Two members of Congress are prodding N.C. State University Chancellor Randy Woodson to do more to correct the scientific record in a high-profile case of academic misconduct.
At issue is a groundbreaking 2004 article in the journal Science by two N.C. State professors and a graduate student. The Science article was the subject of a News & Observer series, “Bad Chemistry.” The articles chronicled years of struggle by Stefan Franzen, an N.C. State chemistry professor, to correct what he came to see as false research by two former colleagues, Bruce Eaton and Dan Feldheim, and Ph.D. candidate Lina Gugliotti.
In 2008, an internal NCSU investigation found falsification of data; in 2013, the Inspector General of the National Science Foundation found that the authors had “recklessly falsified their work” and recommended that Science retract the article.
Science has not published a correction to date, which troubles Rep. Paul Broun, a Georgia Republican, and Rep. Dan Maffei, a New York Democrat, who chair the oversight subcommittee of the House Committee on Science, Space and Technology.
“We write today to express our dismay that the integrity of the scientific record for this NSF-sponsored work remains damaged,” the two congressmen wrote this week to Woodson. “Our dismay is only heightened by the recent revelations that this practice appears to be wide spread.”
Woodson said in an interview Thursday that the university has done everything possible; it conducted an internal investigation, contacted Science and other journals, and notified the NSF of the findings from its internal investigation.
“We made it clear to (Science) that they should correct the scientific record,” Woodson said. “We are not in a position to retract papers from a journal that holds the copyright.”
A bitter battle
The Science article claimed that the scientists used RNA, molecules that act as genetic messengers within cells, to manufacture hexagonal crystals of palladium, a rare and valuable metal.
After the article was published, Franzen joined Eaton and Feldheim in landing a private $1 million grant that promised to produce world-changing inventions. Scientists could use RNA to create super high-strength materials or endless supplies of clean energy from water, they said.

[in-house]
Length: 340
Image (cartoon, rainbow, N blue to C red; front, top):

As research progressed, Franzen became convinced that the foundation of the project, the 2004 Science article, was based on false data. Franzen wrote a letter saying he would resign from the project, precipitating legal threats and a bitter battle in the arcane journals of research chemistry. Eaton and Feldheim both left to work at the University of Colorado.
In 2008, an internal NCSU investigation concluded that the original paper contained false data and departed from acceptable scientific practices. The investigation stopped short of finding research misconduct, concluding that Feldheim had acted carelessly, not intentionally or recklessly. The university referred the matter to the NSF and asked the authors to correct the scientific record.
In 2013, the NSF’s inspector general completed its investigation, relying on the laboratory notebooks kept by Gugliotti, who conducted many of the experiments for Eaton and Feldheim. The NSF has not issued a final report.
One notebook contained images of the hexagonal crystals degrading at room temperature, proof the crystals were not palladium, which has a melting point of 2,831 degrees and cannot degrade at room temperature.
Loss of integrity?
In the letter to Woodson, the congressmen wrote that the October 2009 NCSU letter to Science magazine “does not convey the intensity of the findings” of the internal NCSU investigation.
Woodson, the NCSU chancellor, disagreed: “We left it to the journal to correct the record.”
N.C. State officials had drafted a stronger letter to Science in May 2009, recommending that Science retract the article or demand that the authors correct it.
NCSU’s lawyers forwarded the letter to Feldheim and Eaton for comment. NCSU never sent that letter to Science; Franzen said the university backed off after Eaton’s lawyers threatened to sue. NCSU declined to provide letters from Eaton’s lawyers, saying they were part of Eaton’s personnel file.
In October 2009, the university sent a shorter letter to Science magazine that pointed out two errors in the articles and made no recommendation of retraction.
The congressional committee members are interested in this exchange and requested all such correspondence.
Franzen said Thursday that he believes the documents will show that Eaton’s lawyers were trying to intimidate the university.
“In the eyes of N.C. State, it was a credible threat that was more important than the institution’s integrity,” Franzen said.
Woodson said the university will cooperate with the congressional inquiry but stopped short of saying he would provide all the records requested.
“We’ll do everything we can to be responsive to the members of the subcommittee,” Woodson said, “to the extent we are able to that doesn’t infringe on personnel records.”
Feldheim, Eaton and Science magazine did not respond to requests for comment Thursday afternoon.
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